Mercedes A Class Saloon 2019 RHD infotainment

Mercedes A Class Saloon review

Costs & verdict

Manufacturer price from:£26,805
What Car? Target Price£24,867
Review continues below...

Costs & verdict

Everyday costs, plus how reliable and safe it is

Costs, insurance groups, MPG and CO2

The majority of A Class Saloon buyers won’t be paying cash; they’ll be signing up to a PCP finance deal. If you’re planning to do that, an A Class Saloon will generally cost you more per month than its premium-badged rivals, including the Audi A3 Saloon, although prices can vary from month to month depending on manufacturer and dealer incentives.

If you’re a company car driver, the A180d is your best bet, thanks to its official CO2 emissions of just 103g/km. There’s good news for private buyers, too: the fact that the A Class Saloon is predicted to hang on to more of its value than rivals over three years will help mitigate the fact that it costs slightly more to buy. Reasonable discounts are also available on the brochure prices; click here to find out how much you could save.

Equipment, options and extras

Unlike with the hatchback, there’s no entry-level SE trim on the A Class Saloon, so you jump straight to Sport trim. This gets you 17in wheels, powerful LED headlights, dual-zone climate control and cruise control.

Range-topping AMG Line is also tempting but pushes the price into the territory of larger executive cars, such as the BMW 3 Series. For that reason, we’d stick with Sport trim and add the Executive Package, which gets you an enlarged infotainment screen, front and rear parking sensors as well as heated front seats. If you’re feeling flush, the pricier Premium Package adds all of that and more, including the larger digital instrument display that we mentioned earlier, keyless entry, an upgraded stereo and cool-looking ambient lighting.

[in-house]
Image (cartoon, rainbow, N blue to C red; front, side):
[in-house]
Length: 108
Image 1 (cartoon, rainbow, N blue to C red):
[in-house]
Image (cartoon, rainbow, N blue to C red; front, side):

Mercedes A Class Saloon 2019 RHD infotainment

Reliability

In the 2019 What Car? Reliability Survey, the A Class didn’t score at all well, finishing towards the bottom of the family car class. However, we're yet to receive data for the saloon as it's too new. It's worth pointing out that the A3 Saloon finished towards the top of the class, with the A4 Saloon and Superb landing mid-table.

As a brand, Mercedes ranked a disappointing 24th out of 31 manufacturers. BMW and Audi finished only slightly higher, though, in 21st and 20th respectively. Skoda managed 9th overall, but Lexus are not only the most reliable premium brand, but number one overall.

Safety and security

Euro NCAP gave the A Class a five-star (out of five) safety rating, with higher scores across the board than the A3 managed. That’s because even the most basic versions come with automatic emergency braking, lane-keeping assistance, seven airbags, a system that monitors the driver’s alertness and a pop-up bonnet to help cushion a pedestrian in the event of an impact.

Meanwhile, traffic sign recognition (a system that uses a camera to recognise speed limit signs and displays them on the dashboard) and blindspot monitoring are on the options list.

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Verdict

The A-Class Saloon is comfortable and has a very attractive interior, even if it isn't quite as well constructed as an Audi A3 Saloon's. Keen drivers may be a little disappointed that there's a lot of lean when cornering, but we'd recommend looking at the sportier CLA if that's the case.

  • Comfortable ride
  • Good infotainment system
  • Glitzy-looking interior
  • Boot smaller than rivals'
  • Dashboard flimsy in places
  • Rear head room could be better

What's important to you?

Performance & drive
Interior
Passenger & boot space